The \bgroup\color{black}$\mathrm{H}_2^+$\egroup Ion

The simplest molecule we can work with is the \bgroup\color{black}$\mathrm{H}_2^+$\egroup ion. It has two nuclei (A and B) sharing one electron (1).

\begin{displaymath}\bgroup\color{black}H_0 = {p^2_e\over {2m}} - {e^2\over{r_{1A}}} - {e^2\over{r_{1B}}} + {e^2\over{R_{AB}}}\egroup\end{displaymath}

\bgroup\color{black}$R_{AB}$\egroup is the distance between the two nuclei.

The lowest energy wavefunction can be thought of as a (anti)symmetric linear combination of an electron in the ground state near nucleus A and the ground state near nucleus B


where \bgroup\color{black}$\psi_A=\sqrt{1\over{\pi a^3_0}}e^{-r_{\scriptscriptstyle 1A}/a_0}$\egroup is g.s. around nucleus A. \bgroup\color{black}$\psi_A$\egroup and \bgroup\color{black}$\psi_B$\egroup are not orthogonal; there is overlap. We must compute the normalization constant to estimate the energy.

...\pm 2\langle\psi_A\vert\psi_B\rangle \equiv 2 \pm 2 S(R)\egroup\end{displaymath}


...1 + {R\over{a_0}} + {R^2\over{3 a^2_0}}\right)e^{-R/a_0}\egroup\end{displaymath}

These calculations are ``straightforward but tedious'' (Gasiorowicz).

We can now compute the energy of these states.

\left<H_0\right>_\pm &=&{1\over {2[1\pm S(R)]}}\left<\psi_A\pm...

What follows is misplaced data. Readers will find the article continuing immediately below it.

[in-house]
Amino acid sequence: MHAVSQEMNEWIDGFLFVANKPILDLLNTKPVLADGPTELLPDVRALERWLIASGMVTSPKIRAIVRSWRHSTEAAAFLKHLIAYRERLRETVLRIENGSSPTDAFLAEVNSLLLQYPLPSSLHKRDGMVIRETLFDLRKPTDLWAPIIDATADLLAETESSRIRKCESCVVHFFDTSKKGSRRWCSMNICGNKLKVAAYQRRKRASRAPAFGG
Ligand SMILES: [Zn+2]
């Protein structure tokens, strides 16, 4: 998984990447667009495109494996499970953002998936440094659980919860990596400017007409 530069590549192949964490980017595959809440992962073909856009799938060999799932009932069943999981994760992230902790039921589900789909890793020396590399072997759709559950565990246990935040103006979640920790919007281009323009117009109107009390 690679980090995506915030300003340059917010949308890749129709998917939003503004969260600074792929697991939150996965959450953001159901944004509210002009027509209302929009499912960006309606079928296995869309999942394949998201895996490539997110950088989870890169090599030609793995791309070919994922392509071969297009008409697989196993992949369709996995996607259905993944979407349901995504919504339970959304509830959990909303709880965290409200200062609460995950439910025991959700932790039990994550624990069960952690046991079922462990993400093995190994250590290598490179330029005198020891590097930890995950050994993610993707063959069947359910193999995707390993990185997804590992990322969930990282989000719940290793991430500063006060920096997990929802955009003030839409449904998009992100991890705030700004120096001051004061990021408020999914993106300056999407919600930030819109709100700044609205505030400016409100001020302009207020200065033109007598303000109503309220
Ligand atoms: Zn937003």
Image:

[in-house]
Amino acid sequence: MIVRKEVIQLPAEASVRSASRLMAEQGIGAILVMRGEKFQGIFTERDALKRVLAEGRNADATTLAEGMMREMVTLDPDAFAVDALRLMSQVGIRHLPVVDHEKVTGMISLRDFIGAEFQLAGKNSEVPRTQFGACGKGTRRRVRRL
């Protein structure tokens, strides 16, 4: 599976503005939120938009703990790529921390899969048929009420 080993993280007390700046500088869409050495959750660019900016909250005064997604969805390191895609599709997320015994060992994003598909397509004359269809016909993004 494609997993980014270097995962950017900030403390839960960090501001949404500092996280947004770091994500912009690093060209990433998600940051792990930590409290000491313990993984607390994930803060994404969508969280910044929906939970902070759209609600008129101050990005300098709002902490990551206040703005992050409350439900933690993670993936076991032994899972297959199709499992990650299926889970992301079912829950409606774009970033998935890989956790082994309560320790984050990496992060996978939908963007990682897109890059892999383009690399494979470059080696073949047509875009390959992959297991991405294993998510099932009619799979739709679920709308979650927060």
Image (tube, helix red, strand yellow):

...> \pm \left<\psi_A\vert H_0\vert\psi_B\right> \over {1\pm S(R)}}

We can compute the integrals needed.

\left<\psi_A\vert H_0\vert\psi_A\right> &=& E_1 + {e^2\over R}...

We have reused the calculation of \bgroup\color{black}$S(R)$\egroup in the above. Now, we plug these in and rewrite things in terms of \bgroup\color{black}$y=R/a_0$\egroup, the distance between the atoms in units of the Bohr radius.

\left<H_0\right>_\pm &=& {E_1+{e^2\over R}\left(1+R/a_0\right)...
\over{ 1\pm (1+y+y^2/3)e^{-y}}}

The symmetric (bonding) state has a large probability for the electron to be found between nuclei. The antisymmetric (antibonding) state has a small probability there, and hence, a much larger energy.

The graph below shows the energies from our calculation for the space symmetric \bgroup\color{black}$(E_g)$\egroup and antisymmetric \bgroup\color{black}$(E_u)$\egroup states as well as the result of a more complete calculation (Exact \bgroup\color{black}$E_g$\egroup) as a function of the distance between the protons \bgroup\color{black}$R$\egroup. Our calculation for the symmetric state shows a minimum arount 1.3 Angstroms between the nuclei and a Binding Energy of 1.76 eV. We could get a better estimate by introduction some parameters in our trial wave function and using the variational method.

The antisymmetric state shows no minimum and never goes below -13.6 eV so there is no binding in this state.


By setting \bgroup\color{black}${d\langle H\rangle\over dy}=0$\egroup, we can get the distance between atoms and the energy.

Distance Energy
Calculated 1.3 Å -1.76 eV
Actual 1.06 Å -2.8 eV

Its clear we would need to introduce some wfn. parameters to get good precision.

Jim Branson 2013-04-22